Novices can learn the ropes in Training Mode, while experts can try their luck at Skill Mode and the rest of us mere mortals can stick with Normal Mode. There’s also a Time Challenge option. Trap!’s only shortcoming, in my book, is that you can’t build partial walls — it’s all or nothing, with none of that anchoring business.
Requires: Android 1.6 or above
Google Play link: Trap!
Developer: Matt Wachowski
BobBall is a no-frills, barebones, open-source port of the original JezzBall. It has no options or menus; if you complete a level, a prompt comes up to say well done and you move on to the next level. You have a time limit, a score, and need to clear at least 75% of the play area. Running out of lives brings up a retry button, and that’s it. If you just want to play JezzBall, and don’t fancy installing Adobe AIR, get this.
There’s not a whole lot to this game. It’s essentially JezzBall with a different color palette and a vertical screen orientation. The pace is slightly slower, and the balls are bigger, which leaves more room for strategy. If you’re the competitive type, you’ll appreciate the presence of both weekly and all-time online leaderboards.
Sometimes it’s good to lose a life on purpose in Marble Catch. The game gets crazy after half a dozen levels, with balls flying all over the place. It makes sense to build walls that you know won’t complete on the side farthest from your swipe, so that you can separate a few balls and take control of the scene.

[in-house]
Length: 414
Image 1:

Sparking Lines is Qix with balls instead of weird stick-like entities. You start with a rectangle containing balls and need to navigate your small marker around the edges to draw boxes that claim as much of the screen as possible (usually 75% to advance). You also need to watch out for sparks, which patrol the edges, killing you on contact, and a fuse that appears if you take too long to move back to an edge. If a ball touches your line as it’s being drawn, you lose a life. If you manage to trap a ball within a captured area, however, it disappears. Be careful when doing this — some balls change direction without warning (true to the Qix legacy).
You’ll have to put up with ads on menus, but they aren’t shown while you play. With a good soundtrack and 36 levels, Sparking Lines is incredible value (at the low price of free). It’s the closest thing to Qix that I’ve seen on a mobile device.
Requires: Android 2.2 or above
Google Play link: Sparking Lines
One of the hallmarks of Qix was its high-speed action. The fast movement, countdown timer, and ever-threatening Sparx added a sense of urgency. Claustrum bizarrely slows the action down to a crawl. There are some interesting ideas here, though, if you can put up with it feeling like a slow-motion Qix.